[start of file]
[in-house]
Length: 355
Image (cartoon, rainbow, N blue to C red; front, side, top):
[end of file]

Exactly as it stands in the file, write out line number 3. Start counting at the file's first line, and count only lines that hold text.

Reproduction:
Image (cartoon, rainbow, N blue to C red; front, side, top):